This exhibition marked the return to Sonoma State for both Grimmer and Saito, each of whom had solo exhibitions in the University Art Gallery in the 1990s (1992 and 1995, respectively). While both artists were born in Japan (Grimmer in Hanamaki in 1949 and Saito in Tokyo in 1958), educated in the United States (Grimmer at the Otis College of Art and Design in Los Angeles and Saito at the California College of the Arts in Oakland), and share some conceptual sensibilities, their work occupies distinctly different realms in the world of contemporary sculpture.
Since the 1980s, Grimmer has focused on issues of space, time, movement, and sound, creating what she refers to as “sound-producing kinetic sculptures” that employ a range of materials such as wood, brass, water, and pebbles. Her sculptures reveal affinities with both the acoustic experiments of Conceptual artist John Cage as well as the geometric forms of American Minimalism. Grimmer lives in Los Angeles and works in Maricopa, CA, a rural area in Los Padres National Forest north west of Los Angeles, California.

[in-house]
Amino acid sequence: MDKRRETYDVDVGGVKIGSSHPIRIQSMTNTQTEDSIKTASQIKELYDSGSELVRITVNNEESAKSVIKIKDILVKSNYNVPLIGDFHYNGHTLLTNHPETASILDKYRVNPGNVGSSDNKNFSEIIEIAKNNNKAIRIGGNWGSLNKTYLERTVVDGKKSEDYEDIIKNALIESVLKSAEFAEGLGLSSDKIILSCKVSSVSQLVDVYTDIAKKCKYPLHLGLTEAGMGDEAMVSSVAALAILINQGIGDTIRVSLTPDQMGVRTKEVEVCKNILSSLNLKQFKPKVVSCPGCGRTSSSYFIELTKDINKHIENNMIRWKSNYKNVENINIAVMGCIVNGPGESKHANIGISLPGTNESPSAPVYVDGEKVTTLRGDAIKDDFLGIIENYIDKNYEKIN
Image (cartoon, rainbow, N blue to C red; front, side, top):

Saito began working with bronze—an ancient and rigorous material that he has mastered and is closely associated with his art practice—as a graduate student at CCA in the 1980s. Much of Saito’s work throughout his career has featured bronze casts of natural and found materials, and the new sculpture featured in this exhibition is no exception. Saito has referred to the circle, a recurring motif in his recent work, as being related to the “Japanese cultural practice of Chino Wa Kuguri,” a pre-summer ritual that occurs in Japan every June. Saito lives and works in Denver, Colorado.